RE: USPS missed the boat
By Skywalker123 on 12/6/2011 5:47:11 AM , Rating: 1
Oh, no! We won't have an agency to make us wear seat belts! Whatever will we do?


RE: USPS missed the boat
By Motoman on 12/6/2011 9:19:58 AM , Rating: 2
No, you're both wrong. Although the government is clearly vastly larger than it should be, but anyway...

quote:
Are you serious?! Social Security is not a retirement plan


Yes it is. And it's billed as "good enough" for workers who can't afford anything else...either by getting jobs with supplemental plans, or by managing their own IRAs etc. It's actually more than a retirement plan, as SS includes disability and unemployment benefits, so it's actually both an insurance policy and retirement plan.

My point is that if SS is in trouble, why are all these government agencies funding secondary retirement systems instead of, you know, working to ensure the continued viability of SS?

Ultimately, I don't want SS to go away. I want it to be strengthened and made healthy for the benefit of all Americans. And that won't happen when even the government itself doesn't support it.


RE: USPS missed the boat
By Schrag4 on 12/6/2011 9:27:01 AM , Rating: 2
quote:
...then we can all die happy capitalists at the ripe old age of 30 from our cars spontaneously exploding when a shopping cart dings it ...


That's funny, because the EPA is working quite hard to make all cars death traps.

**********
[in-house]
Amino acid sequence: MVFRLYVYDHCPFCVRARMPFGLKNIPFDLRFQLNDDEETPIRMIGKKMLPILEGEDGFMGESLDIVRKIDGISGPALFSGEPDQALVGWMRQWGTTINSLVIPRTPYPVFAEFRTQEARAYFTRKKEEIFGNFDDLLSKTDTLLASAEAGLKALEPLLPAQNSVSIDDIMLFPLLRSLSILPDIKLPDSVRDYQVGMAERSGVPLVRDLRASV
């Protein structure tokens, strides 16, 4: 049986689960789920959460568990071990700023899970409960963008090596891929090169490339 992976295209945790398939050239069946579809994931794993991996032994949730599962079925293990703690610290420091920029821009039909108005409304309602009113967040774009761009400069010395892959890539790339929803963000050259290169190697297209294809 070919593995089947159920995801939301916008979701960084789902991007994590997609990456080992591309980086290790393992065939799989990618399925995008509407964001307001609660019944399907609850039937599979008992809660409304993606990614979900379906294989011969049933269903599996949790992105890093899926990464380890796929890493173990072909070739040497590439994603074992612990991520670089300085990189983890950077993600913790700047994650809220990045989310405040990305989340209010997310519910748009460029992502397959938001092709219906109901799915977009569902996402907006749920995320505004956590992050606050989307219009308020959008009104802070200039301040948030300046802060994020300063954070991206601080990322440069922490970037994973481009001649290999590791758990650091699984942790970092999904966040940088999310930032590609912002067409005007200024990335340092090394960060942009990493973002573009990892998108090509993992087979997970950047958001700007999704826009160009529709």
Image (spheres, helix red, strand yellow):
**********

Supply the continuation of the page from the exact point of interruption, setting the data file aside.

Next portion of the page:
RE: USPS missed the boat
By Breathless on 12/6/2011 9:56:40 AM , Rating: 2
I would rather die a happy capitalist then a miserable socialist.


RE: USPS missed the boat
By Chaser on 12/6/2011 10:48:24 AM , Rating: 2
quote:
I myself worked for the state of Ohio for 3 years.. I paid 100% of my
First of all most people that refer to outlandish benefits are usually talking about Federal employees. Not the local yokel state job you landed. So you're generalizing just as much as the people you are accusing.

Anyone that wasn't born under a rock is well aware of the financial abuses of the Federal government especially when it comes to benefits and also from so called "public unions" of several states employees too. New Jersey and Wisconsin, such as state teacher tenures (pensions) come to mind if you happen to watch TV news once in a while?


"What would I do? I'd shut it down and give the money back to the shareholders." -- Michael Dell, after being asked what to do with Apple Computer in 1997